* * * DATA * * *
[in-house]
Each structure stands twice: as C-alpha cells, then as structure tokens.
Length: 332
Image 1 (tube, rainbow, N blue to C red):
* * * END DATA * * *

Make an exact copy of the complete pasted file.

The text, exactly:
[in-house]
Each structure stands twice: as C-alpha cells, then as structure tokens.
Length: 332
Image 1 (tube, rainbow, N blue to C red):